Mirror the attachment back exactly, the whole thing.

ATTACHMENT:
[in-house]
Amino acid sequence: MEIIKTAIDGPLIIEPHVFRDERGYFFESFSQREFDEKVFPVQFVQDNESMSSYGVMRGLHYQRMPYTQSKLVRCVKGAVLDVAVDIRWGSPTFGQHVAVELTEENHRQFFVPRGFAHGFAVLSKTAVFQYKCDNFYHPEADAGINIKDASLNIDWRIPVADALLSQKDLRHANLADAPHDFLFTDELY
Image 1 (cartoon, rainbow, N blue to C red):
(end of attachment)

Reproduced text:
[in-house]
Amino acid sequence: MEIIKTAIDGPLIIEPHVFRDERGYFFESFSQREFDEKVFPVQFVQDNESMSSYGVMRGLHYQRMPYTQSKLVRCVKGAVLDVAVDIRWGSPTFGQHVAVELTEENHRQFFVPRGFAHGFAVLSKTAVFQYKCDNFYHPEADAGINIKDASLNIDWRIPVADALLSQKDLRHANLADAPHDFLFTDELY
Image 1 (cartoon, rainbow, N blue to C red):